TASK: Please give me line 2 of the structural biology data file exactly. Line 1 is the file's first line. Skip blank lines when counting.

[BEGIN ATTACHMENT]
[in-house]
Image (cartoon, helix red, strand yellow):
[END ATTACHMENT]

Image (cartoon, helix red, strand yellow):